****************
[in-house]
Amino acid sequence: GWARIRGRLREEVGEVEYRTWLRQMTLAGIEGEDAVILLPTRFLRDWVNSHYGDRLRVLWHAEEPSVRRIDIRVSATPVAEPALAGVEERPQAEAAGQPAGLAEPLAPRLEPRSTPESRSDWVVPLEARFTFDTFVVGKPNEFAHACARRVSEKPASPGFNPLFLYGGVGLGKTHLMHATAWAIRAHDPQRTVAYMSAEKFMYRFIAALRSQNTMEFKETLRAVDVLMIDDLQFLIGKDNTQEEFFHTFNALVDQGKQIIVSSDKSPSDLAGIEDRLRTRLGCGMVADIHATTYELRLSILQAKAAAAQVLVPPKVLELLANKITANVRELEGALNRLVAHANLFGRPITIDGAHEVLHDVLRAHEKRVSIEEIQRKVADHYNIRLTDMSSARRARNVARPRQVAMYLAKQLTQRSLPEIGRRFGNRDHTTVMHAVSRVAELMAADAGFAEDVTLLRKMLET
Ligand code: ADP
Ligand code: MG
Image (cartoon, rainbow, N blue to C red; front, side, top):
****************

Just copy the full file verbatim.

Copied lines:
[in-house]
Amino acid sequence: GWARIRGRLREEVGEVEYRTWLRQMTLAGIEGEDAVILLPTRFLRDWVNSHYGDRLRVLWHAEEPSVRRIDIRVSATPVAEPALAGVEERPQAEAAGQPAGLAEPLAPRLEPRSTPESRSDWVVPLEARFTFDTFVVGKPNEFAHACARRVSEKPASPGFNPLFLYGGVGLGKTHLMHATAWAIRAHDPQRTVAYMSAEKFMYRFIAALRSQNTMEFKETLRAVDVLMIDDLQFLIGKDNTQEEFFHTFNALVDQGKQIIVSSDKSPSDLAGIEDRLRTRLGCGMVADIHATTYELRLSILQAKAAAAQVLVPPKVLELLANKITANVRELEGALNRLVAHANLFGRPITIDGAHEVLHDVLRAHEKRVSIEEIQRKVADHYNIRLTDMSSARRARNVARPRQVAMYLAKQLTQRSLPEIGRRFGNRDHTTVMHAVSRVAELMAADAGFAEDVTLLRKMLET
Ligand code: ADP
Ligand code: MG
Image (cartoon, rainbow, N blue to C red; front, side, top):